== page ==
Climate activist Greta Thunberg addressed the world's elite face-to-face at the World Economic Forum in Davos on Tuesday where she called on leaders to end their abhorrent and irrefutable failures on the climate emergency and demanded participants "from all the companies, banks, institutions, and governments" in attendance to immediately halt all investments in fossil fuel exploration and extraction, end fossil fuel subsidies, and divest from all fossil fuels.
"We don't want these things done in 2050, 2030, or even 2021. We want this done now."
—Greta Thunberg"We don't want these things done in 2050, 2030, or even 2021," Thunberg said. "We want this done now."
"One year ago, I came to Davos and told your that our house is on fire," she told participants at the annual gathering in Switzerland. "I said I wanted you to panic. I've been warned that telling people to panic about the climate crisis is a very dangerous thing to do, but don't worry—it's fine—I've done this before and I can assure you: it doesn't lead to anything."
Speaking shortly after U.S. President Donald Trump also spoke at the annual summit, hosted by the World Economic Forum, Thunberg rejected the false solutions and half-measures that elected leaders continue to offer even as they allow emissions to increase, new drilling projects to begin, and prove how unserious they are in the face of the looming and existential crisis.
"We don't need to 'lower emissions'—our emissions have to stop," she said, "if we are to have chance to stay below the 1.5°C target" set forth in the Paris climate agreement.
"And until we have the technologies that at scale can put our emissions to minus, then we must forget about 'net zero.' We need real zero," Thunberg said. "Because distant 'net zero' targets will mean nothing if we just continue to ignore the carbon dioxide budget that applies for today not distant future dates. If high emissions continue like now even for a few years that remaining will be completely used up."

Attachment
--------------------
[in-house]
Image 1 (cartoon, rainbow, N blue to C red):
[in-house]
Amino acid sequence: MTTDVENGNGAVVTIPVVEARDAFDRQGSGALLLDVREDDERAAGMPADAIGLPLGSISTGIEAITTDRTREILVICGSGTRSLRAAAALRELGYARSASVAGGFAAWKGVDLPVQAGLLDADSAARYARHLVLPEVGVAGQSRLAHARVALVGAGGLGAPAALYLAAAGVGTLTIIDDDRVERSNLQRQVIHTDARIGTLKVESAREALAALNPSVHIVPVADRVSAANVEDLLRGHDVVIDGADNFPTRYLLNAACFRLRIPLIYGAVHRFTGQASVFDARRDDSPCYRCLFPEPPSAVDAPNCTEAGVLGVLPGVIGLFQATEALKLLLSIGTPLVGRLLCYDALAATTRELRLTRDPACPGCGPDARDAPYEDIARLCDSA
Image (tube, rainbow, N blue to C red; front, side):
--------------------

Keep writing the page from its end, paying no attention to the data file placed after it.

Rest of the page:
SCROLL TO CONTINUE WITH CONTENT
Never Miss a Beat.
Get our best delivered to your inbox.
Thunberg is far from alone her demand for a total halt to the financial sector's support of the fossil fuel industry. Earlier this January, as Common Dreams reported, a coalition of nearly two dozen groups in the United States launched a major new campaign, Stop the Money Pipeline, that aims to "end the financing of climate destruction" by demanding major banks and financial institutions end investments in coal, oil, and gas.
"Our house is still on fire. Your inaction is fueling the flames by the hour. We are still telling you to panic, and to act as if you loved your children above all else."
—Greta ThunbergWhile Thunberg said the world should rightly be upset at Trump for pulling the U.S. out of the Paris agreement, she said that other world leaders cannot be let off the hook for their failures.
"Any plan or policy of yours that doesn't include radical emissions cuts—at the source, starting today—is completely insufficient," she said.
"Let's be clear: we don't need a low carbon economy; we don't need to lower emissions. Our emissions have to stop if we are to have a chance to stay below the 1.5 degree target," she said. "Our house is still on fire. Your inaction is fueling the flames by the hour. We are still telling you to panic, and to act as if you loved your children above all else."
Thunberg reminded the Davos crowd that the youth climate movement is not interested in the partisan bickering of national politics. "From a sustainability perspective, the right, the left, as well as the center—have all failed. No political ideology or economic structure has been able to tackle the climate and environmental emergency and create a 'cohesive and sustainable' world," she said. "Because that world, in case you haven't noticed, is currently on fire."
Thunberg scolded leaders who have told the children of the world not to worry about the climate crisis, who have said in so many words: "leave this to us—we will fix this." But then, she said, these same leaders do nothing and instead of the progress or action there is "silence" from both government and business.
"Or something worse than silence," she continued, "empty words and promise that give the impression that sufficient action is being taken."